# Kepler and Gravitation

Problems on Kepler's First Law

Problem : Calculate the eccentricity of an ellipse with one focus at the origin and the other at $(-2k, 0)$, and semimajor axis length $3k$.

It is easiest if we draw a diagram of the situation:
Ellipse with semimajor axis length $3k$.
We need to calculate $b$, the semiminor axis length. This is given by applying Pythagoras' theorem to the right triangle: $b = \sqrt{(3k)^2 - k^2} = 2\sqrt{2}k$ The eccentricity is then given by: $$\epsilon = \sqrt{1 - \frac{b^2}{a^2}} = \sqrt{1 - \frac{8}{9}} = \frac{1}{3}$$

Problem : For an ellipse with its major axis parallel to the $x$-direction and its rightmost focus at the origin, derive the position of the other focus in terms of its eccentricity $\epsilon$ and $k$, where $k$ is defined as $k = a(1- \epsilon^2)$.

The $y$-coodinate of the other focus is the same--zero. The other focus is a distance $2\sqrt{a^2 – b^2}$ in the negative x-direction, so the coordinates are $(-2\sqrt{a^2-b^2},0)$. But $\epsilon = \sqrt{1 - \frac{b^2}{a^2}}$ so we can write $-2\sqrt{a^2-b^2} = -2a\sqrt{1 – \frac{b^2}{a^2}} = -2a\epsilon$. We are given that $k = a(1 - \epsilon^2)$, so $a = \frac{k}{1 - \epsilon^2}$, and $- 2a\epsilon = \frac{-2k\epsilon}{1 – \epsilon^2}$. Thus the coordinate of the other focus is $(\frac{-2k\epsilon}{1\epsilon^2},0)$.

Problem : The general equation for orbital motion is given by: $$x^2 + y^2 = k^2 – 2k\epsilon x + \epsilon^2 x^2$$ Where the $k$ is the same $k$ as in the last problem: $k = a(1-\epsilon^2) = \frac{L^2}{GMm^2}$. Show that when $\epsilon = 0$, this reduces to an equation for a circle. What is the radius of this circle?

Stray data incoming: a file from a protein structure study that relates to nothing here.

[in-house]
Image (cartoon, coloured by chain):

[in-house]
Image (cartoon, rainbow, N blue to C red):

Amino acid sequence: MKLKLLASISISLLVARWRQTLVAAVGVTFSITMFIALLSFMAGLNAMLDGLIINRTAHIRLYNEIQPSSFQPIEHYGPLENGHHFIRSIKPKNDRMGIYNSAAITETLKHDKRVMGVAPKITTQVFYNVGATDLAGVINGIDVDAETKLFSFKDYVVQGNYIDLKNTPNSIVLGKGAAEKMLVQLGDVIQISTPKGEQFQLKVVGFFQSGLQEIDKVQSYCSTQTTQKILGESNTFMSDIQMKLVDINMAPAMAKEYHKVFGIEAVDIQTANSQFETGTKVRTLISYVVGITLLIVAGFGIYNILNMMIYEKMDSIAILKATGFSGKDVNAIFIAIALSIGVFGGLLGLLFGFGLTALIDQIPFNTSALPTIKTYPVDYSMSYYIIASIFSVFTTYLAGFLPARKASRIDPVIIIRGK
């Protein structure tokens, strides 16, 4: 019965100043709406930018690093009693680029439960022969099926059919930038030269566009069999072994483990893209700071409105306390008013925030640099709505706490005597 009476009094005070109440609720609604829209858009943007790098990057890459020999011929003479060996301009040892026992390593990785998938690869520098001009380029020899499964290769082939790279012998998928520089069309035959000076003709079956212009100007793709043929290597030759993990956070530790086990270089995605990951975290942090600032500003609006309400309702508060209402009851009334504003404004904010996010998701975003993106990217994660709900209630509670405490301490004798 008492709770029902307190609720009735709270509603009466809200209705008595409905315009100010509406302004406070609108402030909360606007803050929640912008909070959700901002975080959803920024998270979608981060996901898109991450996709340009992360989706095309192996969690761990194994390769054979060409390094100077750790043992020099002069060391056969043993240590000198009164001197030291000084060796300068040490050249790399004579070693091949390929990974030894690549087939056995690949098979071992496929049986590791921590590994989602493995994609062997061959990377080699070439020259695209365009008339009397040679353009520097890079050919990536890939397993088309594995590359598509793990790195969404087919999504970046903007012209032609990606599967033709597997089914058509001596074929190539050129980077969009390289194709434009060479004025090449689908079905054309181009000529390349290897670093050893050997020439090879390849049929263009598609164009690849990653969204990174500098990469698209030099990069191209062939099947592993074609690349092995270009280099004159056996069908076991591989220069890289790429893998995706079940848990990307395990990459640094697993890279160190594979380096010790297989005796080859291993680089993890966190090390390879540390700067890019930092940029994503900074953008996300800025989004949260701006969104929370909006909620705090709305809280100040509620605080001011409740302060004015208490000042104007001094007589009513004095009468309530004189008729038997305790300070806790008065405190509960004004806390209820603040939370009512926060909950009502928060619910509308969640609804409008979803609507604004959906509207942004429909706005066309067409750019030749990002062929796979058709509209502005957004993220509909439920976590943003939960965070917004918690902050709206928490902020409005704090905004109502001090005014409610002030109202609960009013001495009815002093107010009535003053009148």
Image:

Clearly, when $\epsilon = 0$ the second and third terms on the right hand side go to zero, leaving: $$x^2 + y^2 = k^2$$ This is the equation for a circle of radius $k$. Since $\epsilon$ is dimensionless and $k = a(1 - \epsilon^2)$, $k$ has the correct units of distance.

Problem : Derive the formula for the area of an ellipse by integration.

The equation for an ellipse is given by: $$\frac{x^2}{a^2} + \frac{y^2}{b^2} = 1$$ Solving for $y$ yields, $y = b\sqrt{1 - \frac{x^2}{a^2}}$. We can take an ellipse centered at the origin and look at the area in the first quadrant. Because of symmetry, the total area will be four times this. Thus, $$\frac{A}{4} = b\int_0^a \sqrt{1 – \frac{x^2}{a^2}} dx$$ We can trigonometric substitution, $x = a\sin\theta$, then $dx = a\cos\theta d\theta$. The limits of integration can now be chosen as $\theta = 0$ and $\theta = \pi/2$. Then: $$\frac{A}{4} = b\int_0^{\pi/2} \sqrt{1 - \sin^2\theta} a\cos\theta d\theta = ab\int_0^{\pi/2} = cos^2\theta d\theta = \frac{\pi ab}{4}$$ So the total area is $A = \pi ab$.

Problem : Prove that for a point on an ellipse, the sum of the distances to each foci is a constant.

We can say without loss of generality that the ellipse is centered at the origin and then the coordinates of the foci are $(\pm\sqrt{a^2 – b^2},0)$. Then a point on the ellipse with coordinates $(x,y)$ will be a distance: $$((x-\sqrt{a^2-b^2})^2 + y^2)^{1/2}$$ from one foci and distance: $$((x + sqrt{a^2-b^2})^2 + y^2)^{1/2}$$ from the other focus. Thus the total distance is just the sum: D=$$((x-\sqrt{a^2-b^2})^2 + y^2)^{1/2}$$+ ((x+\sqrt{a^2-b^2})^2 + y^2)^{1/2} But the equation for an ellipse tells us that $y^2 = b^2(1 - \frac{x^2}{a^2})$, and we can substitute this in: $$D = ((x-\sqrt{a^2-b^2})^2 + b^2(1 -\frac{x^2}{a^2}))^{1/2} + ((x-\sqrt{a^2-b^2})^2 + b^2(1 -\frac{x^2}{a^2}))^{1/2}$$ We can then square this to find: $$D^2 = 2x^2 + 2(a^2 – b^2) +2b^2(1 - \frac{x^2}{a^2}) - 2\sqrt{(x-\sqrt{a^2-b^2})^2 + b^2(1 -\frac{x^2}{a^2}))^2 – 4x^2(a^2-b^2)}$$ Expanding out the terms under the square root we find: $$D^2 = 2x^2 + 2a^2 – 2b^2 + 2b^2 - \frac{2b^2x^2}{a^2} – 2x^2 + 2a^2 + \frac{2b^2x^2}{a^2} = 4a^2$$ Therefore the total distance is independent of the coordinates $x$ and $y$, and is $2a$, as we would expect, since it is obvious that the distance has to be this at the narrow endpoints of the ellipse.